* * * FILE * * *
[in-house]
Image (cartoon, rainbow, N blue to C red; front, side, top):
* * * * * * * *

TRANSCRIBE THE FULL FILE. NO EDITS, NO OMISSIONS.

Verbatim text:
[in-house]
Image (cartoon, rainbow, N blue to C red; front, side, top):